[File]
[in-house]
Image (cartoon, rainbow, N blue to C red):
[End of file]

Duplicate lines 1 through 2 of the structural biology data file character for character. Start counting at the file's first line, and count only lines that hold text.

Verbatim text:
[in-house]
Image (cartoon, rainbow, N blue to C red):